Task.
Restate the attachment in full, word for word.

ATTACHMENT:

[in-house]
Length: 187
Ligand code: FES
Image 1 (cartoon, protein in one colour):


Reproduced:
[in-house]
Length: 187
Ligand code: FES
Image 1 (cartoon, protein in one colour):